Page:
Another factor Albright cites for his continued success in a business where careers come and go in a blink is his decision to go independent a few years back. After cycling through a half-dozen labels and several managers, booking agents, and lawyers, he “woke up and said, ‘I’ve got to take my career back into my own hands.’ If you rely on other people, you’re taking a bit of a chance, he believes. “If you have your finger on the pulse with every aspect of your business, I think it’s easier [these days] because the only one that can fail at that point is you, so you’ve gotta make it work. It’s all a mindset: you just have to be ready to take on the task and if you go from A to Z, through your vision, you’ll make it work.”

    In taking the reins of his career—which includes owning his own record company and a signature line of saxes with Cannonball Musical Instruments (they feature an engraving of intersecting golf clubs, a nod to his love of the sport)—Albright draws not only on his years of experience in the business but his education. He graduated from the University of Redlands with a minor in music performance and a major in business management. “You’ve got to know how to read contracts and read the fine print and the whole deal,” he says.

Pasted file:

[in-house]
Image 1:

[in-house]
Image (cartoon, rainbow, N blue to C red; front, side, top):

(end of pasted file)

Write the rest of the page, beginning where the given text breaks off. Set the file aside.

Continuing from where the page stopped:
The internet has opened up opportunities for anyone wanting to be an independent recording artist, he believes. “There’s a lot of millionaires that have developed through YouTube, through Instagram, just sitting at home, figuring out their concepts that people will monetize for you.”

    Remaining popular for an extended period does present a problem of its own. With so many releases under his belt, “it gets harder and harder to figure out which songs to play for folks,” he acknowledges. “Everybody has their favorite.” With a two-year-old grandson (Gavin, the inspiration for the recent single “G-Wiggle”) and a granddaughter due soon after this interview, Albright says, “Life is good right now. I’m content. I can’t complain, man. God has been very good.”